Limitations: No limitations were identified.
Funding for this study: No funding was received for this study.
Has your study been approved by an ethics committee? Yes
Ethics committee - additional information: The study was approved by the ethics committee of the First Affiliated Hospital (ethics approval number: XJTUIAF2021LSY-223).
7 min
Monostotic metachronous osteoid osteoma
Sara Battisti, Arqua' Petrarca / Italy
Author Block: S. Battisti, G. Bisinella; Monselice/IT
Purpose: Osteoid osteoma (OO) is a benign bone forming tumour, which very infrequently has multifocal or multicentric presentation.
Multiple nidi may be present close to each other in a single bone or in adjacent bones, or may be present in separate bones in multicentric lesions. We report five unusual cases of double localisation of osteoid osteoma in the same bone after a mean of three years interval (1-5 years). Further studies may establish a systemic etiology and associated morbidities.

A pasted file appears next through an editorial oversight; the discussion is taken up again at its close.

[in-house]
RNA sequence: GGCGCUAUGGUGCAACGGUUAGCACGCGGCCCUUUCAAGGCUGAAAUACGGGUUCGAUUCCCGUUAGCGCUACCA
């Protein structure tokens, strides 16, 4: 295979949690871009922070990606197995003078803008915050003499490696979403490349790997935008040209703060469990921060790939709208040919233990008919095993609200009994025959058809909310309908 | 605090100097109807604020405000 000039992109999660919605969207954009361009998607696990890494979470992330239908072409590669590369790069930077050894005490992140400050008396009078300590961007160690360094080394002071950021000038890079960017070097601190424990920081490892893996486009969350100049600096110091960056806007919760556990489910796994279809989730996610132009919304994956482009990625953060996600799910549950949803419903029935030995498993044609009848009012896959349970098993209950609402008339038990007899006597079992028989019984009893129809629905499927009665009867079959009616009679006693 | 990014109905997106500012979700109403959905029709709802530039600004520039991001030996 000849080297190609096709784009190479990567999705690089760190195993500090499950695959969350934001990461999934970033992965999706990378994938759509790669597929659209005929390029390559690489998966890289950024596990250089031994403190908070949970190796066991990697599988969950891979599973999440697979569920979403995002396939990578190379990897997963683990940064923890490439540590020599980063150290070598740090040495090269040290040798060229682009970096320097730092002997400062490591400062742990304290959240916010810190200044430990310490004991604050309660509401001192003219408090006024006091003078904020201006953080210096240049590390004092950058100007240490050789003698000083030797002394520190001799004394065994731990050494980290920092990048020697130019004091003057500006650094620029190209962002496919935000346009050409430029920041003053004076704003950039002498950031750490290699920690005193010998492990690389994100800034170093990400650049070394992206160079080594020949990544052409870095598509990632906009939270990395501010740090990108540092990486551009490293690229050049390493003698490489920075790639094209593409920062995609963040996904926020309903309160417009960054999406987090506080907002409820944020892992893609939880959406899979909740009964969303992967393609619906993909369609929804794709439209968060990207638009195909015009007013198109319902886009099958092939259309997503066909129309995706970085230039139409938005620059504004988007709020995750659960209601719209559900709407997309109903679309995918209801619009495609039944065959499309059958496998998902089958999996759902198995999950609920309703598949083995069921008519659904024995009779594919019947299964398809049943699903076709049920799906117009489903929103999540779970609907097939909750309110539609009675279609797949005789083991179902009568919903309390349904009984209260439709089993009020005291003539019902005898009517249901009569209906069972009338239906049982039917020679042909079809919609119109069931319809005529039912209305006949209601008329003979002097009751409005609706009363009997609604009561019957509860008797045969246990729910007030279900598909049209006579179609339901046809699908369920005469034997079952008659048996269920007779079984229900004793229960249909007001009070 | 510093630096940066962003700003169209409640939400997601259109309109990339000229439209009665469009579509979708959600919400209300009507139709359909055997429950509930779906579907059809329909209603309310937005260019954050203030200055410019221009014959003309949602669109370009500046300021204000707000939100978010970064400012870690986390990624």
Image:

Methods or Background: From 2008, we treated 83 cases of osteoid osteoma with CT-guided radiofrequency thermal ablation. We used a 17 gauge needle; the RF was activated for 8 minutes using a temperature of 90 degrees C°.
From 2016 to 2023 we retrospectively evaluated all cases with pain relapse after treatment. We found 8 patients (9.6%) with pain relapse out of a total of 83.
Results or Findings: The analysis of CT images showed that in 5 cases (62%) there was a second nidus close to the first one.
Conclusion: In conclusion, this is the first series of both monostotic and metachronous OO, also associated with pain relapse. Our case highlights the importance of considering a diagnosis of double nidus.